Winston Churchill Painting Showing The British Leader’s Favorite Alcoholic Morning Beverage Sells For $1.3 Million

(Photo by DANIEL LEAL-OLIVAS/AFP via Getty Images)

Marlo Safi Culture Reporter
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A painting by Winston Churchill that depicts the British statesman’s favorite whiskey was sold for $1.3 million, among the highest prices the amateur artist’s works have ever fetched, numerous sources reported. 

The oil painting, called “Jug with Bottles” was made in the 1930s and shows a bottle of Johnny Walker’s Black label whiskey, Churchill’s favorite brand, with a jug and glasses. The sale, which occurred at a Sotheby’s online auction, was around five times more than it was anticipated to sell for, Agence France-Presses reported Tuesday. 

Churchill enjoyed painting as much as he enjoyed drinking, and was known to start his morning with whiskey and soda, according to Sotheby’s. During World War II, the beverage became an essential part of his day, although grain shortages during the war caused Scotland’s distilleries to close. The painting was created at his country home in Kent, southeast England. (RELATED: Celebrate National Winston Churchill Day With His Most Awe-Inspiring Quotes [SLIDESHOW])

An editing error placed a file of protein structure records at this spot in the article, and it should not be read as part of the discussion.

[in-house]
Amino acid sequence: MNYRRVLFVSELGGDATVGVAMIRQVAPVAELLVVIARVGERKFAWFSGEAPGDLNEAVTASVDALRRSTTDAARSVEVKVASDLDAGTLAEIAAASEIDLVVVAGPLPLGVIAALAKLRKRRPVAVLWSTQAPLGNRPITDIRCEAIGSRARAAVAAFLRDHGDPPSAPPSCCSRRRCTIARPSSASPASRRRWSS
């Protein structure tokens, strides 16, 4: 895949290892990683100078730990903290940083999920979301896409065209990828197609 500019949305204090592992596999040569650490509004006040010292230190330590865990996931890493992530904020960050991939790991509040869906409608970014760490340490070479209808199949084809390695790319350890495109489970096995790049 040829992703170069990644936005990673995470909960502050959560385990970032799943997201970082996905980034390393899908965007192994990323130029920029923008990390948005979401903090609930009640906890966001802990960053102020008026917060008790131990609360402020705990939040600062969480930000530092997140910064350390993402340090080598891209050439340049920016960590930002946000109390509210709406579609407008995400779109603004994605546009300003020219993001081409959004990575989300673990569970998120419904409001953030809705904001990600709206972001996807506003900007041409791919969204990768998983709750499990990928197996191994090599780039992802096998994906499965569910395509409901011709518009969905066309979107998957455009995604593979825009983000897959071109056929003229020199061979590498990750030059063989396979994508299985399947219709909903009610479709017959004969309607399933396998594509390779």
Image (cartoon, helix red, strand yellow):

He gave the painting to Averell Harriman, a special envoy to Europe during the Roosevelt administration in the 1940s who was appointed ambassador to the Soviet Union. 

It was significant that Churchill gave it to Harriman, because he would give paintings to “like-minded people,” according to Simon Hucker, who is the co-head of modern and post-war British art at Sotheby’s, AFP reported.

British Prime Minister Sir Winston Churchill, stripped to shirt sleeves and smoking a cigar, watches an assault against enemy positions north of Florence, Italy, from the observation post of a battery of the 66 Lowland Medium Regiment, Royal Artillery, on 20 August 1944. (CPT TANNER – No 2 Army Film and /AFP via Getty Images)

Pamela Churchill, Winston Churchill’s son’s wife, later married Harriman in the 1970s and the painting was sold after her death in 1997.

The painting went back on sale after the deaths of the American collectors who owned the painting, Barbara and Ira Lipman.

Churchill took up painting as a hobby after being demoted from his leadership role in the military following a World War I attack he ordered that went poorly. He resigned and become an officer, and used art to alleviate his defeat.

“Painting came to my rescue in a most trying time,” Churchill wrote in the 1920s in a book called “Painting as a Pastime.” 

In total, he created more than 550 paintings, and was mostly self-taught but was inspired by artists like Claude Monet, Henri Matisse, and Paul Cezanne.